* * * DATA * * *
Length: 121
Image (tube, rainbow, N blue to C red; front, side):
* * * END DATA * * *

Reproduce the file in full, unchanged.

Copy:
Length: 121
Image (tube, rainbow, N blue to C red; front, side):